Anytime your teen receives income, set aside a pre-determined percent for savings. A good starting point is 10 percent. When extra money comes in (from unexpected overtime or a gift, for example), build the habit of saving, instead of spending, the same percentage of that money as well. Then, when they want to take advantage of a great deal on a car, a post-graduation backpacking trip, or a down payment on an apartment, the funds could be there to cover it.
5. Stay accountable
Once the budget is in place, you and your teen can review and update it together on a weekly or monthly basis. Look at where money goes and where it’s possible to cut back. It might feel pushy to ask your teen, “Can you replace that lunchtime burrito with a sandwich from home?” But this type of discipline will help put them on the right track to budgeting, saving, and good financial management.
After using the budget for a few weeks or months, you and your child might want to modify their goals. Reality might mean the brand-new car becomes a reliable used one, or the cellphone plan becomes part of a family plan. In the process, they will be learning how to spend smartly.
6. Test-drive plastic with a debit card
A few generations ago, “financial tools” may have referred to check registers. Today, these are often a debit card and an app. A debit card looks like a credit card, but it pulls money straight from a checking account. If the money isn’t there, the charge is denied. Many parents (and teens) are more comfortable with kids learning to successfully use a debit card before considering a credit card.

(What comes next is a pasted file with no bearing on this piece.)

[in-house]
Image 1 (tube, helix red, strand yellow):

7. Use a credit card wisely – if at all
Older teens should approach credit cards cautiously. Applicants under age 21 need an adult co-signer or proof of adequate income. Some families believe it’s worthwhile to co-sign so that teens, particularly those in college, have a credit card for specified expenses. Others suggest young adults wait until age 21 and learn to use credit cards independently.
A credit card can be a great convenience and it can help build a credit profile. But it isn’t a license to spend and it can be very detrimental where no teen money management skills have been instilled. If you do opt for a credit card for your teen, remember that every charge should appear in the budget, and every dollar spent has to be repaid. To manage credit responsibly, teens should be encouraged to keep the amounts charged low and pay off the entire balance every month.
Learning lifelong skills
Teens who learn to budget early on should be ahead of the game in the long run in terms of their money management skills. Of course, there’s always more to learn. Thankfully, understanding how to deal with debt, money, and planning for your future doesn’t need to be hard. To that end, we’ve developed a simple to follow guide to help you–and your teen–find the tools you need to move to a better financial future. Get started by downloading our free guide right now.
- Do Your Teens Understand Money? Here Are 10 Tips to Start the Conversation (CNBC)
- How Much Debt Is Too Much Debt? (Freedom Debt Relief)
- What to Teach Your Adult Child about Money (Forbes)